Cervantes Institute

Cervantes Institute
   The Cervantes Institute is the overall title of a network of Institutes in various countries which provide classes in Spanish, organize cultural events, and administer the official Diploma in Spanish as a Foreign Language awarded by the Ministry of Education and Science. The Institute was established in March 1991, on the model of the Alliance Française, the British Council, and the Goethe Institut. It brought together under one umbrella the various educational and cultural activities outside Spain already supported by the Ministries of Culture, Foreign Affairs, Education and Science, Labour and Finance. For administrative purposes, the Institute functions under Foreign Affairs, which channels funds for teaching and secretarial staff, while the receiving country provides premises and equipment. The first Institute was opened in Liverpool in 1990, and by August 1991, the number worldwide had grown to forty, through the incorporation into the network of a number of existing cultural centres. The first overall Director, Nicolás Sánchez Albornoz, was appointed in September 1991. By 1993, however, the original project to establish seventy centres worldwide was beginning to appear over-ambitious. Despite an annual budget which had risen from 2,200m pesetas in 1991 to 3,800m in 1993, ten centres were forced to close, either for lack of local demand for Spanish classes, the cost of refurbishment of older premises, or, in the case of Liverpool, because the university needed to recover the use of its building. The savings made enabled the Institute to consolidate its operations, and expand into Eastern Europe, where centres were opened in Bucharest and Warsaw in 1994.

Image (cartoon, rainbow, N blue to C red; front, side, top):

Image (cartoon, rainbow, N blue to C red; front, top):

In that year, the total number of centres was 32, spread over 21 countries. The annual budget had risen to 4,194m pesetas, but this, at approximately 50 percent of Italy's expenditure on corresponding institutes, 7 percent that of Britain, and 5 percent that of France, was still insufficient for the organization's needs.
   Completion of formal requirements for recognition by the host countries had, however, lagged behind even this modest expansion, and, as a result, many of the centres found themselves in an ambiguous legal situation. Unlike embassy staff, those employed in the Institutes had no diplomatic immunity, and were therefore technically subject to the requirements of the host country with regard to residence and work permits, and taxation. While the centres themselves often enjoyed a de facto tax-free status, the fact that they were not registered with the tax authorities precluded them recovering, for example, VAT payments. Over and above this, there were problems of chronic under-resourcing and management, and, in 1995, a number of controversial resignations by local Institute directors.
   In 1996, Sánchez Albornoz was replaced as overall Director by a career diplomat, Santiago de Mora-Figueroa, Marquis of Tamarón, who, despite the problems of resourcing, continued to expand the Institute's operations, opening a centre in Chicago in October 1996, one in Utrecht, and one in Manchester in June 1997. In a bid to keep down costs, development began on a plan to distribute educational material on the Internet.
   EAMONN RODGERS

Encyclopedia of contemporary Spanish culture. 2013.

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